The question that tripped him up on “Millionaire” went something like this: “At 7’7″, So-and-so is the tallest player in the NBA.  But he is slightly shorter than what portion of the Statue of Liberty?”  The choices were her right arm, her eye, the tablet she is holding, and her finger.  Using his final lifeline, Josh asked a buddy to help him, and they missed it.  Anyway….

Josh said veteran contestants (like himself) have a name for that kind of question, but perhaps he shouldn’t tell his pastor.  I said, “Come on. Give.”

“We call that a Go To Hell question.”

“A ‘Go To Hell’ Question,” he explained, “is one relying on such fine detail that no reasonable person should be expected to know it.”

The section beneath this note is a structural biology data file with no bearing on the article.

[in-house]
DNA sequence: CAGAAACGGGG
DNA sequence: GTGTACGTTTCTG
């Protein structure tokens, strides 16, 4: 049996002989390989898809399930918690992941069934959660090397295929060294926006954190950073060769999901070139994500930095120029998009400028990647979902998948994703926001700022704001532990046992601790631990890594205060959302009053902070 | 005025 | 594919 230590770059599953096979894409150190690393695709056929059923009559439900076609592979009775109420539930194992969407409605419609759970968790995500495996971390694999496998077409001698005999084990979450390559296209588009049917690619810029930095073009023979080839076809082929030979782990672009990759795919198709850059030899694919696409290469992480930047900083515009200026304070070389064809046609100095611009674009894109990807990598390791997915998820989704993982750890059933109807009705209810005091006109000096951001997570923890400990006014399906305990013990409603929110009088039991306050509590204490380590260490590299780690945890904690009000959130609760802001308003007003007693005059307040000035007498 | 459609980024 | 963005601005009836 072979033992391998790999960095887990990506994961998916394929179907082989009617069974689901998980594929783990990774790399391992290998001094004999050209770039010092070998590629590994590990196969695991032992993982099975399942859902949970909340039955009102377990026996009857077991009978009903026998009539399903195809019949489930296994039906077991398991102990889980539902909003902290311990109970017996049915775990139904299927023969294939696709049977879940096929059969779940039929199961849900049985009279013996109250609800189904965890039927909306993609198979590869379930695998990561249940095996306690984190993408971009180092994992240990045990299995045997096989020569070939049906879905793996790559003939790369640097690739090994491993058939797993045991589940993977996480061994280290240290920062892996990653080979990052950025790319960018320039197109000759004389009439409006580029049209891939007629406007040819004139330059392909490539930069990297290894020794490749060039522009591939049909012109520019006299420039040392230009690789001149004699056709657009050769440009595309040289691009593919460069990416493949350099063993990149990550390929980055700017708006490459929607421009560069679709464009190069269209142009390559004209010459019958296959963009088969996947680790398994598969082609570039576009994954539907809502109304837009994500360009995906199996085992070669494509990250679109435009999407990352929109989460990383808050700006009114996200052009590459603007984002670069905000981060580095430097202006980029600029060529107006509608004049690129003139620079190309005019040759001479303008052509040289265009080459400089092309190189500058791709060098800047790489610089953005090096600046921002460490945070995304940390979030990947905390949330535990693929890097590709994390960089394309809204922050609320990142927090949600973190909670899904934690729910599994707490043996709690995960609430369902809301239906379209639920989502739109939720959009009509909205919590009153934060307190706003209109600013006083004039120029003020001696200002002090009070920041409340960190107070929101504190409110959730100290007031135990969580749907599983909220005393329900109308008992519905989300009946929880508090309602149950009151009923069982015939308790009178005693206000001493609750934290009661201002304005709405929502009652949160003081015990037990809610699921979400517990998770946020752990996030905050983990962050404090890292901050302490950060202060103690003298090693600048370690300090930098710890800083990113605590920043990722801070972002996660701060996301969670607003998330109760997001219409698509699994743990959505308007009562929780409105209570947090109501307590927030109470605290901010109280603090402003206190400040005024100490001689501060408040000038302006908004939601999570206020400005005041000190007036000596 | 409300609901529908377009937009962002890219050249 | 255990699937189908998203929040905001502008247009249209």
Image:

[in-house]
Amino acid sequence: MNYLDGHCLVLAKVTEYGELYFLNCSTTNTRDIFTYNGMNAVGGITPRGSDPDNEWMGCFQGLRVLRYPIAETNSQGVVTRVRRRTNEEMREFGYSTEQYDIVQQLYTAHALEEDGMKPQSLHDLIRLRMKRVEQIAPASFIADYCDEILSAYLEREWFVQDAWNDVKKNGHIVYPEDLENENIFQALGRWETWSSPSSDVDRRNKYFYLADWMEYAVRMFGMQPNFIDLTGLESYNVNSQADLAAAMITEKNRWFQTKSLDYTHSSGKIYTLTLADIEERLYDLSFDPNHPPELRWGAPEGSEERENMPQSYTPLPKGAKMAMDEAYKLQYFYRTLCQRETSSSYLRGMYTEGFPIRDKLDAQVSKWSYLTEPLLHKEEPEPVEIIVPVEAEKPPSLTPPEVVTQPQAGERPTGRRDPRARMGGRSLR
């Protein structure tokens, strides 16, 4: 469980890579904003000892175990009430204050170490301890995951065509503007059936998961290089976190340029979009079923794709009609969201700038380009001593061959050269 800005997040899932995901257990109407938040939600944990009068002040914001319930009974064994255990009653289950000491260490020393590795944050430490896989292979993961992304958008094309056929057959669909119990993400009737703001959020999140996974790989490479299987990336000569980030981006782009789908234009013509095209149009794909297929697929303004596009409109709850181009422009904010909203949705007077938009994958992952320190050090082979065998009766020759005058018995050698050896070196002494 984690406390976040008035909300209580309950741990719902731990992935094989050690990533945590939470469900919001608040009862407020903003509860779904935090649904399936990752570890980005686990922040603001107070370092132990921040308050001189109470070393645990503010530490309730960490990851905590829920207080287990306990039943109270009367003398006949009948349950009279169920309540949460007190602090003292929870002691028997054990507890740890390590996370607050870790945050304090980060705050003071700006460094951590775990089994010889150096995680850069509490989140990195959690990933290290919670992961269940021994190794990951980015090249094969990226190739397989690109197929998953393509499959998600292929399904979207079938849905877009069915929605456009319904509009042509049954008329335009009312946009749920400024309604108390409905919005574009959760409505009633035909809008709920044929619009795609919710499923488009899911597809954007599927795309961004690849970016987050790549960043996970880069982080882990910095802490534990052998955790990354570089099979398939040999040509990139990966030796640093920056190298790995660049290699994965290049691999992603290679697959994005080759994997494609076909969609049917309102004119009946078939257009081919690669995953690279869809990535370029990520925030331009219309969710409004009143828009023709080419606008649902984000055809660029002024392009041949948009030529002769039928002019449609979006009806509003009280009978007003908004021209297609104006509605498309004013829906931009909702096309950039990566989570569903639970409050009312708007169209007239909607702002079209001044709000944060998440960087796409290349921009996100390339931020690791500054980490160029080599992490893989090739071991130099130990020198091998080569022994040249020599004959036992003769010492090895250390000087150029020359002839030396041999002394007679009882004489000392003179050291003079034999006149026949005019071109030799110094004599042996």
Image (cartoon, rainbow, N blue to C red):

Ah yes.  Who among us is not familiar with such.

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After 26 years, my final week in New Orleans

“Hitherto the Lord hath been our help” (I Samuel 7:12).

We’ve come this far by faith; I can almost see the lights of home from here.

Meanwhile, we who are in this body do groan (2 Corinthians 5:2).

This morning I thought, “I’m going to miss this neighborhood.  I’m going to miss my early morning walks down these wide, empty streets.”

Today was the last Thursday I’ll be doing this.  The movers come on Tuesday.